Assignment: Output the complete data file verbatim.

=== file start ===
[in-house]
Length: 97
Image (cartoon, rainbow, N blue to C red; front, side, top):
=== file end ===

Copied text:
[in-house]
Length: 97
Image (cartoon, rainbow, N blue to C red; front, side, top):